How to compose classical haiku
I love haiku that imply, rather than describe. For instance, traditional haiku are supposed to mention a season somewhere in one line, but I prefer the implication of a season as it means I have to work harder for the words. I love contrasts, juxtapositions and a-ha moments. But best of all I love excellent use of the English language! Send me your haiku that take me beyond reality, that have something Other, that spark that fires my imagination…
Here at Pure Haiku I only publish classical haiku in the English language which are constructed in the strict syllabic structure of 5-7-5.
First line = 5 syllables
Second line = 7 syllables
Third line = 5 syllables
Here is an example: –
crystallisation-- timeless spaces embedded inside catharsis © Kerfe Roig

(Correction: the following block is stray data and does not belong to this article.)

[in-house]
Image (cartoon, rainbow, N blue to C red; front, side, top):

Line 1 – 5 syllables – cry-stall-is-a-tion
Line 2 – 7 syllables – time-less-space-es-em-bedd-ed
Line 3 – 5 syllables – in-side-cath-ar-sis
Here some more examples of haiku that I like to publish on this site: –
an echo repeats revealing infinity but still our time ends © Tina Stewart Brakebill 2021 stars dance through cloud-waves time’s chiliad rhythms beat, past and future merge © Merril D. Smith 2020 esoteric moves dances with divinity emancipation © Radhika Puttige 2020 swarming night insects instinct draws them to bright bulb an imminent death © Susi Bocks 2020 Of course, syllabic content is just part of what makes traditional haiku traditional. For a better idea of what I choose to publish on Pure Haiku, please read recent posts from the previous 2 years.
Updated March 2021